- First, they pursue an upstream orientation and focus attention on relevant technology benchmarks and technology regimes, which we call upstream anchoring of the market space.
- Second, they leverage upstream technology assets to further explore a focal technology’s capabilities, which we call exploratory substantiation of the market space.
- Third, they seek to establish broad, extendable market spaces that transcend specific end-use scenarios, which we refer to as open-ended claiming of the market space.
We found that these market-scoping patterns are associated with higher value appropriability, more commercialization opportunities, faster initial investment, and more efficient market-scoping resource allocation.
In addition, we examined whether managers may shift their market-scoping mindset in response to unfavorable market information. We found that mindset shifts may occur, but only under certain circumstances. Specifically, we found that team dynamics and boundary-spanning ties play an important role.
On the one hand, teams (managers and inventors) may establish formalized, long-term boundary-spanning ties with a small number of external industry experts who influence the market-scoping process. We found that such ties may increase the likelihood of team conformity, including the reinforcement of initial market-scoping mindsets of team members. The end result is that teams entrench their mindset.
On the other hand, teams may establish flexible, informal boundary-spanning ties with a broader set of external industry experts. They may cycle between different experts, involving them on an ad hoc basis, depending on the specific issues at hand. We found that such ties are more likely to lead to team conflict and disagreement, creating greater heterogeneity among team members’ market-scoping mindsets over time. This process facilitates mindset shifts.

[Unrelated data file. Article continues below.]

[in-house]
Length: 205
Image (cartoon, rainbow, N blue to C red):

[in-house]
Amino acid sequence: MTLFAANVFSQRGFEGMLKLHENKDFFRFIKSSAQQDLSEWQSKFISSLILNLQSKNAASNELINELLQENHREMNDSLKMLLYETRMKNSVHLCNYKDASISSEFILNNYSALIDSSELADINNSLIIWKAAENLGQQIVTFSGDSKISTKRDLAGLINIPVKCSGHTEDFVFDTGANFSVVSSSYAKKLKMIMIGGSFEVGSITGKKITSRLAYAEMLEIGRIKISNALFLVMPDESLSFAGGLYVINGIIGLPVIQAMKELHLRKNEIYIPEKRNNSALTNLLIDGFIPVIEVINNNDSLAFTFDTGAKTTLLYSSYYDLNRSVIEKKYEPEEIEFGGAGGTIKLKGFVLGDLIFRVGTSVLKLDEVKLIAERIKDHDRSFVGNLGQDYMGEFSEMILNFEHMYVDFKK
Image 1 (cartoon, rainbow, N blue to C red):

Our findings have important and potentially disruptive implications for practitioners. The conventional wisdom in marketing education and practice is strongly downstream-oriented. Managers are encouraged to put end-users at the forefront of decision making and consider their needs above all else. Our research suggests that this thinking is misguided in the context of early-stage technologies when managers face significant market ambiguity. It provides an illusory sense of direction and increases the likelihood of failure. Rather, managers should leverage upstream technology assets to explore the focal technology capabilities, while allowing the relevant market space to reveal itself gradually over time. Furthermore, other actors in innovation ecosystems, such as consultants and investors, also have to rethink their approaches toward early-stage technology commercialization. They should encourage managers to increase their awareness of what the external environment may offer to benefit their technologies, rather than the other way around.
From: Sven Molner, Jaideep Prabhu, and Manjit Yadav, “Lost in a Universe of Markets: Toward a Theory of Market Scoping for Early-Stage Technologies,” Journal of Marketing, 83 (March).
Go to the Journal of Marketing